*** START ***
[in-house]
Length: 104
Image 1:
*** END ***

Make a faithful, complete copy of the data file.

[in-house]
Length: 104
Image 1: